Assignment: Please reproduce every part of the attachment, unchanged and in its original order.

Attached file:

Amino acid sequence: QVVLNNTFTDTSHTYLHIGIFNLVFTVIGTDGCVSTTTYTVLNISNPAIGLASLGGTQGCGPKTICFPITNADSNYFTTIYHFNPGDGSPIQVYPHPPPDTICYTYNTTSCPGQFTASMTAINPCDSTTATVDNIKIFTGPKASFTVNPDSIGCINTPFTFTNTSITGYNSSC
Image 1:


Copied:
Amino acid sequence: QVVLNNTFTDTSHTYLHIGIFNLVFTVIGTDGCVSTTTYTVLNISNPAIGLASLGGTQGCGPKTICFPITNADSNYFTTIYHFNPGDGSPIQVYPHPPPDTICYTYNTTSCPGQFTASMTAINPCDSTTATVDNIKIFTGPKASFTVNPDSIGCINTPFTFTNTSITGYNSSC
Image 1: